Please use this identifier to cite or link to this item: http://hdl.handle.net/1893/31320
Appears in Collections:Computing Science and Mathematics Journal Articles
Peer Review Status: Refereed
Title: Towards the automatic detection of skin lesion shape asymmetry, color variegation and diameter in dermoscopic images
Author(s): Ali, Abder-Rahman
Li, Jingpeng
O’Shea, Sally Jane
Keywords: General Biochemistry, Genetics and Molecular Biology
General Agricultural and Biological Sciences
General Medicine
Issue Date: 16-Jun-2020
Citation: Ali A, Li J & O’Shea SJ (2020) Towards the automatic detection of skin lesion shape asymmetry, color variegation and diameter in dermoscopic images. PLOS ONE, 15 (6), Art. No.: e0234352. https://doi.org/10.1371/journal.pone.0234352
Abstract: Asymmetry, color variegation and diameter are considered strong indicators of malignant melanoma. The subjectivity inherent in the first two features and the fact that 10% of melanomas tend to be missed in the early diagnosis due to having a diameter less than 6mm, deem it necessary to develop an objective computer vision system to evaluate these criteria and aid in the early detection of melanoma which could eventually lead to a higher 5-year survival rate. This paper proposes an approach for evaluating the three criteria objectively, whereby we develop a measure to find asymmetry with the aid of a decision tree which we train on the extracted asymmetry measures and then use to predict the asymmetry of new skin lesion images. A range of colors that demonstrate the suspicious colors for the color variegation feature have been derived, and Feret’s diameter has been utilized to find the diameter of the skin lesion. The decision tree is 80% accurate in determining the asymmetry of skin lesions, and the number of suspicious colors and diameter values are objectively identified.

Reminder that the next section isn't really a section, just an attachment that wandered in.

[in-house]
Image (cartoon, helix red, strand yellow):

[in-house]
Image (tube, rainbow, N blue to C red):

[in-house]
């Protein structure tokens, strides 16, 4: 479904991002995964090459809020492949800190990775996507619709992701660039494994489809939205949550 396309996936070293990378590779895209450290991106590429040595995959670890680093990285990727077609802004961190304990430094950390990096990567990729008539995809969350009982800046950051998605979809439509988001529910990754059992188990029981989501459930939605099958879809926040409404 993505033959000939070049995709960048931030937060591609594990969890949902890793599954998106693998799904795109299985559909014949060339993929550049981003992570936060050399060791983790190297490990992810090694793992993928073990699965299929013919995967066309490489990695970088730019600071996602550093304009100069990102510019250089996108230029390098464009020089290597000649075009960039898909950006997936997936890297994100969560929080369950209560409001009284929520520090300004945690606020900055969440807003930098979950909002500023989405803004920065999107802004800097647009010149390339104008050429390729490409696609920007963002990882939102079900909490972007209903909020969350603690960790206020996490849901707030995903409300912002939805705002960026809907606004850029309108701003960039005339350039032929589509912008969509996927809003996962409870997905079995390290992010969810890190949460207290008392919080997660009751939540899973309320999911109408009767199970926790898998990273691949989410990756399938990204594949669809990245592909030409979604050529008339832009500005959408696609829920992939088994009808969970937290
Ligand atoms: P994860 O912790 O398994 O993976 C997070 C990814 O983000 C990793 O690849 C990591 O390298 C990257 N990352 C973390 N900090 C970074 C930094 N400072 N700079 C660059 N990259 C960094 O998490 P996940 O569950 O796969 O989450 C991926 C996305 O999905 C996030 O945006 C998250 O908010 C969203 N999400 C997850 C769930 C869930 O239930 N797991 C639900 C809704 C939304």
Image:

DOI Link: 10.1371/journal.pone.0234352
Rights: © 2020 Ali et al. This is an open access article distributed under the terms of the Creative Commons Attribution License, which permits unrestricted use, distribution, and reproduction in any medium, provided the original author and source are credited.
Licence URL(s): http://creativecommons.org/licenses/by/4.0/

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